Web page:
The Extreme Poverty Research Group (EPRG) was formed in September 2010 with the objective of developing and disseminating knowledge about the nature of extreme poverty and the effectiveness of measures to address it. Meetings are held quarterly. The first meeting of the EPRG took place in October 2010. The TORs have since been amended and the second meeting of the EPRG took place in January 2011 in which Dr Munir, Director of Hunger and Health at Save the Children UK, took the position of Chair for 2011. Here, findings on defining and targeting the extreme poor were shared, and NGO research ideas (Phase 1) endorsed.
Since then, the EPRG has continued to meet quarterly. On February 26, 2012, the sixth EPRG was held and welcomed a high level of participation from shiree Scale and Innovation-Fund partners, DFID, and other DFID-funded extreme poverty programmes including BRAC and UPPR (in total 47 participants).
The morning started with Lucia Da Corta presenting shiree’s CMS 5 tracking studies, the methodology behind them and the value they hold in understanding processes of graduation from extreme poverty. Four Research Officer from Scale Fund projects then presented a case study from each of their life histories. Questions were held before the EPRG broke for tea. The second part of the morning, Kishore Singh presented extreme urban poverty indicators, exploring the comparison between urban and rural extreme poverty and differences in the struggles the extreme urban poor have to face. His presentation was followed by Khaleda Khanome from BRAC who presented her findings from BRAC’s Gender Quality Action Learning programme and its impact on intergenerational poverty. A fifth session was planned to review the EPRG ToR, but it was cut short due to time constraints and will therefore be incorporated into the next EPRG.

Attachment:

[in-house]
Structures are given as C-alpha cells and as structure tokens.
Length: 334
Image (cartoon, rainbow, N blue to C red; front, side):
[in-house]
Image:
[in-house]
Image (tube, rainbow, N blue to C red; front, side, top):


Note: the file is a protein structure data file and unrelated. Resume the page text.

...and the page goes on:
EPRG 6 Materials
Using Life Histories and Intervention Tracking to Learn Lessons on Processes of Extreme Poverty Formation and on Sustainable Graduation from Extreme Poverty Following Shiree Interventions - by Lucia Da Corta, University of Bath
CMS 5 looks at the descent into poverty and reflects on the interventions methods employed as well as early findings on processes of graduation. It identifies categories of extreme poverty and graduated households. CMS uses focus group discussions in each of hte six scale fund regions, using a broad set of material, relational and subjective indicators. The major challenges identified by CMS 5 as preventing graduation are reoccurring themes: natural disasters, economic instability, illness, evictions, theft, health vulnerabilities, etc. However, these are all areas that advocacy can play a role in. An overall challenge will be targeting the ‘higher fruit’, such as the disabled and elderly.
Insights on Graduation from the Scale Fund NGOs – by Research Officers: Abdul Baten (DSK), Prokriti Nokrek (Save the Children), Zakir Hossain (NETZ), Saifudin Ahmed (CARE)
Four Research Officers presented case studies highlighting intervention impact and the barriers the extreme poor face in graduating from poverty.
Extreme Urban Poverty: Characteristics, Issues and Indicators – by Kishore Singh, UPPR-UNDP
Kishore Singh presented UPPR’s experience working with the extreme poor in an urban context. He agreed that economic criteria is not enough to understand poverty, rather vulnerability is essential in understanding extreme poverty characteristics, specifically spatial vulnerability, social vulnerability and professional vulnerability. His presentation looked at key issues impacting the urban extreme poor and graduation indicators that would need to be integrated into intervention frameworks.
GQAL and its Impact on Gender Relations: the BRAC Experience – by Khaleda Khanome, BRAC
Khaleda Khanome presented BRAC’s Gender Quality Action Learning (GQAL) programme, highlighting its impact on intergenerational poverty. GQAL started in 1995 with the aim of improving BRAC’s male-female staff relations. It has now expanded to a national gender awareness-raising programme aimed to generate commitment to improving gender relations and enhancing gender equality.
EPRG 6 February Report (2012)
This document is a collection of the discussions and which took place in the EPRG 6. The concept of the EPRG will continue to be developed, with the next session planned for May.
Contact person: Kira Galbraith, Associate Programmes and Advocacy Manager, firstname.lastname@example.org